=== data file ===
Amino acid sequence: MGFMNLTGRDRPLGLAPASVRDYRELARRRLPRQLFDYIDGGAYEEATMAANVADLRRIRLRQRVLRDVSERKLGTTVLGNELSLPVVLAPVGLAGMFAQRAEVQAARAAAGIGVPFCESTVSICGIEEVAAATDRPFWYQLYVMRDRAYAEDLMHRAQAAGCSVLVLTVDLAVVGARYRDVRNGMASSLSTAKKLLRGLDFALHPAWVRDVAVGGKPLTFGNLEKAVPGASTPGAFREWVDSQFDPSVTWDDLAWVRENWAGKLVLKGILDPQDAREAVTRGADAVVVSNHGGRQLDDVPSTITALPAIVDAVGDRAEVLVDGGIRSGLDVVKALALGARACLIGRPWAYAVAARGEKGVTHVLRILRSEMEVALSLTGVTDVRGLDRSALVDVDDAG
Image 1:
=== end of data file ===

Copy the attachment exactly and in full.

Amino acid sequence: MGFMNLTGRDRPLGLAPASVRDYRELARRRLPRQLFDYIDGGAYEEATMAANVADLRRIRLRQRVLRDVSERKLGTTVLGNELSLPVVLAPVGLAGMFAQRAEVQAARAAAGIGVPFCESTVSICGIEEVAAATDRPFWYQLYVMRDRAYAEDLMHRAQAAGCSVLVLTVDLAVVGARYRDVRNGMASSLSTAKKLLRGLDFALHPAWVRDVAVGGKPLTFGNLEKAVPGASTPGAFREWVDSQFDPSVTWDDLAWVRENWAGKLVLKGILDPQDAREAVTRGADAVVVSNHGGRQLDDVPSTITALPAIVDAVGDRAEVLVDGGIRSGLDVVKALALGARACLIGRPWAYAVAARGEKGVTHVLRILRSEMEVALSLTGVTDVRGLDRSALVDVDDAG
Image 1: